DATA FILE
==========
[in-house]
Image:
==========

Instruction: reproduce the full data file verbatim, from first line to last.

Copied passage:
[in-house]
Image: